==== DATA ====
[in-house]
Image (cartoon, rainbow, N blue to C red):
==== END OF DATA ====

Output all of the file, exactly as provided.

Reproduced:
[in-house]
Image (cartoon, rainbow, N blue to C red):